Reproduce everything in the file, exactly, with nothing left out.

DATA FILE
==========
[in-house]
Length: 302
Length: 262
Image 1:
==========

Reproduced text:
[in-house]
Length: 302
Length: 262
Image 1: